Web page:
The Power of Connectedness and Recovery

March 8, 2015 1 Comment

Recently, I have seen an increase in articles posted online, specifically on social media about addiction and how bad this issue is becoming. I found and read an article on Facebook by Johann Hari titled “The Likely Cause of Addiction Has Been Discovered, and It Is Not What You Think”—He wrote the article for Huffingtonpost.com.  The article was quite interesting and frankly very bold. Hari claims that addiction is not caused by the use of a substance alone, but that isolation causes individuals to cross the invisible line into addiction and therefore the solution must be for addicts to have community with people they love and care about.
Having spent many years in recovery and helping alcoholics and drug addicts I can understand the despair Johann must feel in wanting to help drug addicts. Although Hari will most likely never read this, I thought I would share my experience and opinion of the cause and solution for any and all, alcoholics and drug addicts. Again, this is just my experience…
I got sober in June of 2001; needless to say my life was a mess. To this day, I have no idea how I was blessed with the merit to get and stay sober for this long. I often say that I was very lucky, in that I was immediately connected with people in a recovery program who knew what the solution was and how to share that solution with me. I was blessed to have the desire to stay as close as I possibly could to these people.
Through the years of staying connected to these people and creating my own connections with others, I have come to believe that the only reason I ever used alcohol or drugs was that I was disconnected. Disconnected from what may you ask? I’m still not sure but here are some of the things I have learned. One of the first things I learned in my journey of recovery is that I must always have the desire and do the next right thing. Now, people may wonder… “What’s the big deal, of course I want to do the next right thing”. I have studied this simple but powerful saying over the last 10 plus years. I have talked with countless people about what it means to them and how this has helped them. This is what I have understood so far.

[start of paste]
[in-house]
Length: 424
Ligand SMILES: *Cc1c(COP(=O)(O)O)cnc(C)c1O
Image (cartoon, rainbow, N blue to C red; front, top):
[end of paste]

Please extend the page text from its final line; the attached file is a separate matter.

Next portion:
Doing the “next right thing” enables us to connect! Connect to what? Honestly I really do not know. Power I guess. Some unseen thing happens when we do the next right thing. And when we do the next right thing, when we have a choice to do the next wrong thing, we are able to connect even more. This connection is compounded as we continue, day after day to make the right choices.
This was a very profound realization for me because for most of my life I simply reacted with hardly any restriction in what my immediate desires where. I was walking around entirely consumed with what I wanted and felt I needed.
Reacting out of my own selfish desires year after year as my life progressed from childhood to adolescence and into manhood created a great deal of emotional pain. Using alcohol and drugs worked really well at masking that pain. Thus using alcohol and drugs became my solution, not my problem! Drugs and alcohol allowed me to connect. I do not know how but in hindsight that was what happened. I was usually in emotional pain (consciously or unconsciously) and I would use alcohol and drugs to feel better.
When I stopped using alcohol and drugs, my solution was taken away from me and fortunately I replaced it with a connection to power. One of the most amazing things about this simple concept is, it really does not matter if you believe it or not. For example, I have watched countless people take this action and have it work for them. Many, if not all of them, had no idea they were even doing it, as they were in so much emotion pain that they were willing to do whatever they were asked to do. These individuals were not trying to collect points for being a good person, they were not trying to please anyone, they just were sick and tired of living a life of pain.
So, in a way I do agree with Johann that the solution for addiction is connectedness but I would say that we as drug addicts and alcoholics must learn that connection with our actions can create our experiences. It is only our actions that can enable us to connect to people and when we connect with the people in our lives we are not only doing the next right thing—we are making the world a better place…and that is true Power!

Written by Josh Benton

  1. Joe Curley
    March 9, 2015 at 10:52 pm

    Josh, great read. Echoed many of my own truths. To me the definition of spiritual malady or spiritual illness is my own disconnect from my “power greater than myself”. I start the day with my morning time and get connected. As I go through the day and the curve balls come (both outer and inner turmoil) I have to constantly re-connect. Recovery gave me the tools for that re-connection. My old solution; drink. It gave me a sense of ease and comfort. That same sense of ease and comfort i get today by a practical program of action. Good luck on your new venture. Joe C.

    P.S. Loved Sarah’s Book, great read for anyone

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